The director of the Al-Aqsa Mosque compound, Sheikh Omar al-Kiswani, said Sunday that Israel had effectively taken over the holy site, after a day of violent clashes between Palestinian worshipers and Israeli police took place there.
Kiswani told Ma’an that having brought the compound under occupation in 1967, “today, the (Israeli) occupation authorities have imposed their sovereignty over it by power of force.”
He pointed to Israeli control over who enters and leaves, and their use of force against Palestinians that challenge them, including the assaulting of Islamic Endowment employees.
The director made his comments after a day of violent clashes at the holy site, during which witnesses said Israeli police entered the Al-Aqsa Mosque itself, Islam’s third-holiest site, and caused damage.
Police said they only closed its doors to lock in rioters throwing stones, fireworks and other objects.
Israeli forces earlier Sunday prevented most Palestinians from entering the compound in a bid to clear way for Jewish worshipers visiting the site ahead of the Jewish new year.
However, Israeli police said that young Palestinians had spent the night inside the mosque, and clashes quickly broke out when Israeli forces stormed the compound.
Israeli forces said no arrests were made and no injuries were reported during the clashes, although Palestinians witnesses reported several injuries, and an AFP journalist said that he saw a number of people were detained.
A Palestinian boy identified as Anas Siyam was also reportedly evacuated to the hospital after he was hit with a rubber-coated steel bullet in the chest.
Kiswani said that two Islamic Endowment employees were shot with rubber-coated bullets in their upper bodies, while dozens of others suffered bruises after being assaulted by Israeli police.
He said that both he and the head of the compound’s female guards, Zeinat Abu Sbeih, were assaulted, while the compound’s Palestinian guards were forced out of the compound and beaten.
Kiswani said that nearly 160 Israeli settlers entered the compound during the morning and evening, despite the Islamic Endowment demanding that Israel close the compound’s Moroccan Gate out of respect for Muslim worshipers’ concerns.
A Palestinian youth is evacuated after being injured during clashes between Palestinians and Israeli police at Jerusalem’s flashpoint Al-Aqsa mosque on September 13, 2015 (AFP/Ahmad Gharabli)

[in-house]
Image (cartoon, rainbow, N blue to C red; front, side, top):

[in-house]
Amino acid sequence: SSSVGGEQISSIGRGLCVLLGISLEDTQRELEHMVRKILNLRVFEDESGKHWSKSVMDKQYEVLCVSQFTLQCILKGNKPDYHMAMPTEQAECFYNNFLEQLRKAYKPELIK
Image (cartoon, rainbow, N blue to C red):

‘Attacks against Our Holy Places’
Palestinian President Mahmoud Abbas condemned what he called an Israeli police “attack” at the site, saying that sites such as Al-Aqsa constituted a “red line.”
“We will not allow attacks against our holy places,” a statement from his office said.
Meanwhile, a Netanyahu statement said Israel would act “to maintain the status quo and order” at the compound.
“It is our responsibility and our power to act against rioters to allow freedom of worship at this holy place,” he said.
United Nations Middle East peace envoy Nickolay Mladenov urged restraint on both sides.
“I urge all to do their part in ensuring that visitors and worshipers demonstrate restraint and respect for the sanctity of the area,” he said in a statement.
“I take note of the statement by the prime minister of Israel that the status quo at the Holy Sites will be maintained.”
Jordan condemned what it described as an assault by the Israeli army. Egypt, the only other Arab country to have a peace treaty with Israel, also condemned its actions at the compound.
Non-Muslims are allowed to visit the compound, but Jews must not pray or display national symbols for fear of triggering tensions with Palestinian worshipers.
Palestinians fear Israel is seeking to change rules governing the site, with far-right Jewish groups pushing for more access and even efforts by fringe organisations to erect a new temple.
The defense minister last week banned the Murabitat and Murabitun groups, which his office claimed were “a main factor in creating the tension and violence” at the compound.
Israel seized East Jerusalem, where Al-Aqsa is located, in the Six Day War of 1967.
The compound is the scene of frequent clashes.
(Ma’an and news agencies)